You don’t need to “show your work” in a polished, predetermined form, the way your Grade 6 math teacher used to ask you to do. But you must have done the work so you can pique your audience’s interest by hinting at the muscle beneath your skeletal slides.

A great pitch should engage the audience by giving them just enough information to make them eager to ask questions. Questions start a conversation, and that’s when you get the chance to really shine. That’s when you can flesh out your ideas, provide additional data, and ask your own questions so you can learn more about your audience and start building a relationship with them.

Don’t let the lean model starve your creative process

The lean startup methodology was designed to allow founders to move swiftly, without falling prey to overpreparation or perfectionism. It was never, however, meant to replace the need for in-depth critical thinking about business landscapes and business models.

By the same token, slide presentation software evolved to allow speakers to share simple visual aids with the audience. It was never intended to substitute for forms of communication that allow for deep exploration of complex ideas.

When you combine lean startup methodology with slide presentation software, however, the results can be hazardous. It’s easy to slip into believing that lean thinking is surface thinking and that communication happens just by slapping a few bullet points and a graph onto a slide.

In reality, lean thinking requires deep thinking, but that cognitive effort is directed strategically to a few key aspects of the business plan. Similarly, slide design also calls for thoughtful, precise communication so you can pack clear meaning into as few pixels as possible.

If you focus too early on building your deck, you will hinder both your critical and creative thinking, and the result will be a formulaic presentation without a fact-based foundation.

The antidote to this common situation is to shoot the movie before you create the trailer. Start building your deck outside of whatever software you plan to use for the final presentation. Give yourself the tools and space you need to fully explore these 12 questions, which I call the Dozen for Due Diligence:

  1. Who is the audience for my pitch, and what do they care about?
  2. What is the problem I’m solving?
  3. For whom am I solving that problem?
  4. How do I know that someone will pay to solve that problem?
  5. How do I know how many customers I will attract and how much money they will be willing to spend to find a solution to their problem?
  6. What socio-economic trends show that the problem is increasing in size and urgency?
  7. What other solutions are out there?
  8. What makes my solution the best option?
  9. How will I generate revenue, and how can I trust that my model for producing revenue will work?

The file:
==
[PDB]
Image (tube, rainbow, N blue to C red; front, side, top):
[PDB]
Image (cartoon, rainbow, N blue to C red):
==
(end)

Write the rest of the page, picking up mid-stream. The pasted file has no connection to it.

10. What uncertainties and risks do I foresee? How will I handle those?
  11. How much money am I asking for? How will I spend it, and what will the results be?
  12. What’s the overall ROI for the investor? What evidence do I have to support my financial projections? What assumptions have I made, and how can I defend them?

The tools you use to probe these questions should suit your personality and the way you like to work. You might try writing out your answers in a Word document or a notebook, talking them through with your team, or drawing rough pictures in a sketchbook.

Only once you’ve generated a wealth of ideas and evidence to form your business case can you then make smart decisions about choosing the most important items for your main pitch deck. To create a trailer that puts your audience on the edge of their seats, you need an abundance of content from which to choose the most compelling bits. The other bits can become material for a rich appendix to your deck, a handout, or ready-made responses for the Q&A session.

Despite what you might have heard, there’s no magic template that will guarantee a successful pitch. In fact, committing to a template before you’ve done the deep work of developing your business model is the surest way I know to undermine your efforts.

So-called creative waste is never time wasted. When it comes to creating a high-performance pitch deck, you must be prepared to invest in exploratory, multifaceted thinking. That—not a set of slide titles or a slide theme—will give you the hidden basis you need to build a pitch that truly delivers.

Clarity Studio is developing The Ultimate Pitching Toolkit, a multimedia guide to walk founders through each step of building a persuasive pitch deck. We are looking for beta testers to review the product and give us feedback. If you’re interested in this opportunity to access free, self-paced support for your pitching, just send me a DM.